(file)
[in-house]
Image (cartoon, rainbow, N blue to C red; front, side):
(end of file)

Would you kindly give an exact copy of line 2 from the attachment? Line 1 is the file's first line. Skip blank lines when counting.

Image (cartoon, rainbow, N blue to C red; front, side):